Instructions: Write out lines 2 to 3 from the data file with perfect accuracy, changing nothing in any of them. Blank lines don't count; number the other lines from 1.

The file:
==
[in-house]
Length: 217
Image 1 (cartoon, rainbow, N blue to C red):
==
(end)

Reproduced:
Length: 217
Image 1 (cartoon, rainbow, N blue to C red):